Sunday, February 7, 2016

Hillary's Victories Are Not Victories for All Women

Of all the lousy arguments that have been used to boost Hillary Clinton's candidacy, one sticks out as being both particularly annoying and particularly common: the "she's a woman!" argument. Clinton herself has not shied away from using this argument, and it's also been used in ways that, deliberately or not, only distract from the actual substance of the campaign and glorify Clinton, such as this piece gushing over her "historic" "victory" in Iowa.

Hillary Clinton (
Implied, if not explicitly stated, is the idea that if Hillary Clinton wins, that in and of itself is a stride for women everywhere. For me, this has never appeared as anything but a self-serving fairy tale made up by Clintonites who are either less-than-honest or downright delusional. But apparently it's a powerful enough argument that we've even gotten a self-described socialist feminist promoting Hillary.

The thing is, there's just no substance to this idea. Hillary's maybe-victory (still all I'm willing to call it, given the continued controversy) in Iowa--and any other electoral successes she has, including if she manages to claw her way into the Oval Office--only prove that a lot of people are willing to vote for a woman for president. That's great, of course, but we already knew that--reliable polling data has shown that better than 9 out of 10 Americans are willing to vote for a woman for president, if they view her as well-qualified. This simply isn't like when JFK had to overcome the actual obstacle of being a Catholic when Catholics were still widely distrusted and convince the voters he wouldn't turn America into a Vatican City puppet state. Convincing Americans that a woman could be president is essentially a fait accompli, so Hillary Clinton is not making some historic stride, in a meaningful sense of the word, by winning Iowa, any other state, or even the presidency.

Nor will electing Clinton somehow help erase sexist attitudes in America. To disprove that idea, you just have to look at how things have been under our first black president. Given the level of partisan hatred for Obama, racism has actually gotten worse since he's been in office, and, of course, we continually see cops killing unarmed black men and walking away without any criminal charges. I'm not blaming this on Obama, but plainly enough racism has not disappeared because of Obama's election--it's intensified. The Republicans already despise Clinton, so we might see the exact same thing if she gets elected.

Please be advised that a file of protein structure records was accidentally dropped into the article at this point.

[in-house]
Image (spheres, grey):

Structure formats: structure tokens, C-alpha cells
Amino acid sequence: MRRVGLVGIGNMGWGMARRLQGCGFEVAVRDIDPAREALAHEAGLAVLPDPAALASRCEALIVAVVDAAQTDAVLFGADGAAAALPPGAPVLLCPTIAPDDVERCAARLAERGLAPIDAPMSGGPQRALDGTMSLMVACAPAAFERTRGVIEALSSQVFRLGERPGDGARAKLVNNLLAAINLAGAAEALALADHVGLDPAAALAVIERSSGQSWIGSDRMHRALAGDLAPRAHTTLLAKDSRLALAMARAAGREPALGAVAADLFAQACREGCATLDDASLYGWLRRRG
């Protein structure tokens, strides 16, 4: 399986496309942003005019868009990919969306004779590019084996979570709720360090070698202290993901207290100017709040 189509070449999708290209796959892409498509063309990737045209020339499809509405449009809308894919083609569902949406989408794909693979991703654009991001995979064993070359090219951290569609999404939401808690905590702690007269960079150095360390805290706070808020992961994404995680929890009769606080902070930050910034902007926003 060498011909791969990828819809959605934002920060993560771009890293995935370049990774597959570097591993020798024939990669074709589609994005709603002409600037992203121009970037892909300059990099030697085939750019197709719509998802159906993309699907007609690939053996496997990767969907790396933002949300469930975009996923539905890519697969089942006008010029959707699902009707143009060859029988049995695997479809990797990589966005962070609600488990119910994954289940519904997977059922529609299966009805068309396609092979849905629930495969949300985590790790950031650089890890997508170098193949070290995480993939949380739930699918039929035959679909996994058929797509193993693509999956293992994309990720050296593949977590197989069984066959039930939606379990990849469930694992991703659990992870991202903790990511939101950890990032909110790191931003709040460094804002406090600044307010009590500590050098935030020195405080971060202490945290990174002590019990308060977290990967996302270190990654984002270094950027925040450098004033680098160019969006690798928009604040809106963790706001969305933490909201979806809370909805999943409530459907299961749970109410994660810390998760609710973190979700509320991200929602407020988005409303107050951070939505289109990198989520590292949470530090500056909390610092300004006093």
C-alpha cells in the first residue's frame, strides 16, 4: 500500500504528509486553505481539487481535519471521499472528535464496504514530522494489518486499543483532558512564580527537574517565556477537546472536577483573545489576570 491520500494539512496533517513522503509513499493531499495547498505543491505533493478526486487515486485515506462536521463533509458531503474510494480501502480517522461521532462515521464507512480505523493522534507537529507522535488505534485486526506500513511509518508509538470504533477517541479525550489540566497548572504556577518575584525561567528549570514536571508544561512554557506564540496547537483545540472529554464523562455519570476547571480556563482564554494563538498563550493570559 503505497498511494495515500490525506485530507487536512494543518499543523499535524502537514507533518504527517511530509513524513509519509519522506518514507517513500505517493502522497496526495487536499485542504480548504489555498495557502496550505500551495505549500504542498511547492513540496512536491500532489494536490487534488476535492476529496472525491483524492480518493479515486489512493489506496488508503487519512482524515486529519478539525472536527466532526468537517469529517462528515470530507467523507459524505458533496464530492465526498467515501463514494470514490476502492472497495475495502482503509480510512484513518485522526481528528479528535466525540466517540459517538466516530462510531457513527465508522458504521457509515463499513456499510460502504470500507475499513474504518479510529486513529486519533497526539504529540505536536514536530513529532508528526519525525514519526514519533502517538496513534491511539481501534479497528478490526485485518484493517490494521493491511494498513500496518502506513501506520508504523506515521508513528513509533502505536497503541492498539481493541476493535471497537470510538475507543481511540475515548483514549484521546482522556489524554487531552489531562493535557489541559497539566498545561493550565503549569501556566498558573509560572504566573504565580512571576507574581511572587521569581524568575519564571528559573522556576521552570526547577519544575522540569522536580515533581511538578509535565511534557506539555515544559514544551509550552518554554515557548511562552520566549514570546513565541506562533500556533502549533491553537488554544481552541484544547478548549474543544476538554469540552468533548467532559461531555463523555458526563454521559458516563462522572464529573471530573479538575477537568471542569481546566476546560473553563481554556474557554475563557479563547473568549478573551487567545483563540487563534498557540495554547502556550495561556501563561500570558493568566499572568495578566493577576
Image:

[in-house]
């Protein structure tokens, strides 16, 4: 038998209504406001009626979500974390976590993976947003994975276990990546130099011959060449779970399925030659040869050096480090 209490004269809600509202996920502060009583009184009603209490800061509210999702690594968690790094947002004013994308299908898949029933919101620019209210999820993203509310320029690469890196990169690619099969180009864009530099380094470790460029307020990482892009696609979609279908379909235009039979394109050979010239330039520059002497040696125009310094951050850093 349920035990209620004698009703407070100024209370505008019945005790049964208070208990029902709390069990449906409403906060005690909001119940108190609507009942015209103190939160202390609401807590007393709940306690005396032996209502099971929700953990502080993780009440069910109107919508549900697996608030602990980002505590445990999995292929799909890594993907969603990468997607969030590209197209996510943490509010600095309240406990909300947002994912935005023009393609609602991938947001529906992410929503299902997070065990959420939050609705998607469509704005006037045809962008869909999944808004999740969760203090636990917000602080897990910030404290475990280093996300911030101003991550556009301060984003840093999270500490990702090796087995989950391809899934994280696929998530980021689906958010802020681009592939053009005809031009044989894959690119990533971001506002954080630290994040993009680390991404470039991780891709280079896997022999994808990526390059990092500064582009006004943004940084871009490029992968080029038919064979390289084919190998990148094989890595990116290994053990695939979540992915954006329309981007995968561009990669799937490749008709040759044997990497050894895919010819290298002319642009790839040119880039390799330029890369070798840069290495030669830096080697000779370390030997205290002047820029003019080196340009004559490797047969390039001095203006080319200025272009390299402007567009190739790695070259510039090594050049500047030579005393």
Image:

When it comes to actual policies, we can say without a doubt that Clinton is better than any of the Republicans running. The frontrunner for the Republican nomination is a more or less open sexist, and we couldn't expect much from the creepy religious zealot Ted Cruz or the slimy hack Rubio. But Clinton hasn't made it to the general election yet, so we aren't forced to make that choice. We have an alternative to Clinton in the form of Bernie Sanders. Sanders is old, white, and male, though. How could he be better for women than Clinton?

Well, pretty easily. Who has the better plans for dealing with poverty, which disproportionately affects women? Or the prison-industrial complex, which has incarcerated increasing amounts of women? Or healthcare, where women have their own specific set of needs? If your answer to those questions is "Hillary," then I can only say we'll have to agree to disagree.

Not surprisingly, there have been genuinely sexist attacks on Clinton. People have complained about her raising her voice, which is pretty absurd in a campaign with Bernie Sanders and Donald Trump. And perhaps some of her hawkishness can be ascribed to a need to show she'd be just as tough as one of the guys. But that doesn't mean that electing her will achieve something big for women. The idea that it would is the sort of toxic myth that applauds the success of the people at the top while ignoring the continued struggles of those at the bottom. Some of the biggest challenges for women lower down on the economic scale come not from misogynist attitudes, but institutional sexism. The only way to remedy that is to go after the institutions themselves with a hatchet. And Clinton is plainly not the person to do that.

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